Santa the several
Solvognen sent out a call to the theatre community to get participants to act as Santa Claus for the series of performances. Over a hundred actors and actresses volunteered to dress up like the red-clad saint to spread cheer around Copenhagen.
The script called for eight days of Santa-clad, increasingly antagonistic, public performances of the Christmas spirit of giving, with or without official permission. Former Solvognen member Nina Rasmussen said the purpose of the whole performance was “to do good things as a Santa should”.
On the first day, a helicopter full of Santas touched down in Holbæk guided by an ‘angel of light’. This spectacle was followed by a parade of Santas marching into Copenhagen.
The Santas pulled a giant Christmas goose, a traditional part of the Danish Christmas dinner. The troupe had originally intended the goose to hide Santas inside, but it proved too unwieldy. Instead they pulled the big, white bird down public streets, taking care not to pull Christmas decorations after them.
Santa the sustained
Subsequent performances, which were borderline civil disobedience and humorous theatre, saw the Santas marching into a bank to ask for several million kroner to distribute to the public; Santas marching into nursing homes to bring cheer and goodwill to the elderly with carols; Santas visiting school children, playing games and passing out alternative history books, which placed focus on the histories of working people; Santas on roller skates swarming public places while people shopped, in the week leading up to Christmas; and Santas with pitchforks attacking state buildings in support of working people. Some Santas even walked about with live animals.
The troupe was dubbed the Julemandshæren, or Santa Claus Army, and they marched as a benevolent army around the city performing good deeds in support of Denmark’s working class.
The Merry men march on Magasin
Solvognen’s theatrical intervention into Copenhagen life that year culminated in a dramatic performance of gift-giving. The Santa Claus Army, around 40 of the actors and actresses, marched into Magasin department store in the city centre and began passing out gifts to shoppers from the store’s shelves. The Santas said: “Merry Christmas! Today, no-one has to pay.” They justified their actions, saying they were returning gifts to the workers who had made them.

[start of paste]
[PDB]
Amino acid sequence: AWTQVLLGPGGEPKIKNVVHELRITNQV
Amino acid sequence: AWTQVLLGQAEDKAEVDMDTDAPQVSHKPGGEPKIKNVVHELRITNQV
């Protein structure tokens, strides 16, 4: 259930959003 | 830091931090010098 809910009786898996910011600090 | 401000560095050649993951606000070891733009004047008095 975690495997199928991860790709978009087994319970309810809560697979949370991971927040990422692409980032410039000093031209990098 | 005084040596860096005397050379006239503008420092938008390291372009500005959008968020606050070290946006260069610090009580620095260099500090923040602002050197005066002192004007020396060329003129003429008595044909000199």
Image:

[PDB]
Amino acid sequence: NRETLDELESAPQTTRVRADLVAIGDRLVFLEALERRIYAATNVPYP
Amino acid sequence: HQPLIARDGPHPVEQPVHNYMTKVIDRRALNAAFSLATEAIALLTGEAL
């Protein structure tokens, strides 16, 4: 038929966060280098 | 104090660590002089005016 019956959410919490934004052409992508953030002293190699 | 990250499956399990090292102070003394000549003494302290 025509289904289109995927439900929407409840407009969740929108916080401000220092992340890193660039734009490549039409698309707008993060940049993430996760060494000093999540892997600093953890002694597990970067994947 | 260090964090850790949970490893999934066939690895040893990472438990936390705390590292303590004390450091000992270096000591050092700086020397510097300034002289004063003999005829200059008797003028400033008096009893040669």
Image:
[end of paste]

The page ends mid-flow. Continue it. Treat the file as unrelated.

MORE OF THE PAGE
The shoppers were thrilled, thanking the Santas and wishing them well. Children stared, amazed. Then the police came. Magasin officials grabbed at the white Santa beards, trying to pull them off the actors’ faces, as police handcuffed the Santas and hauled them out of the store. The children cried. The actors were thrilled because all the roles were performed accordingly – the generous and good Santas, representing hope at Christmas, were being arrested and hauled away by the police against the will of the people.
A debate raged in Copenhagen newspapers for weeks following the arrest of the Santas. It focused on the treatment of the Santas during the arrest, as well as the freedom of speech and democracy. The political theatre of Solvognen was successful: it got people talking about the issues of the day through humour and spectacle, not to mention Christmas cheer.
Visit the website of the Culture Canon to learn more about the troupe and see video clips of the Santa Claus Army in action.